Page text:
If you’re struggling with thoughts of suicide, PLEASE call the National Suicide Prevention Lifeline: 1-800-273-TALK (8255).
There are various reasons why we don’t reach out for help with our addictions and mental illnesses, and those reasons are unique to us and our experience. There are some common elements that can be found in all of our stories, and the debilitating nature of our illnesses along with our fear are often to blame. When we’re still actively struggling, many of us are still too embroiled in our addictions and mental health issues to reach out for help when we need it. We might not have gotten to a place of clarity yet that would enable us to even know we need help. We’re not even aware how bad the problem has become. Our patterns are so intense and overpowering, our addictive habits too ingrained in us, for us to be able to do what’s best for ourselves.
Some of us might know we’re struggling and need help but assume we’re past the point of being able to be helped. We feel as though we’re too far gone to recover. We feel weak and powerless in the face of our illnesses. We’ve essentially given up on ourselves. We are self-hating and don’t feel we’re worth the effort it would take to get better. We suffer from severe depression and suicidal thoughts. We tell ourselves that there’s no point in trying, that we’re a burden to our families and loved ones, that they’ll be better off without us. Sometimes we don’t reach out for help because we assume no one cares about us. We might feel abandoned in our lives. We may have already lost everyone we could depend on, especially when our addictions have caused us to hurt the people in our lives and push them away.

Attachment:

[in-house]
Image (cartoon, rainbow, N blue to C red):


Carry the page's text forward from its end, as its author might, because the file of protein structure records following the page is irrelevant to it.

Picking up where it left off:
Many of us don’t reach out for help because we’re afraid of the judgment we’ll assume we’ll incur. Some of us are prideful and don’t want to risk being labeled as an addict or mentally ill because we’re afraid of how we’ll be perceived. There is still a great deal of misunderstanding and stigmatization around addiction and mental illness, and our fear of being judged, looked down upon, shunned and ostracized keeps us silent. We keep our severe problems to ourselves, getting worse every day, trapped by our fear.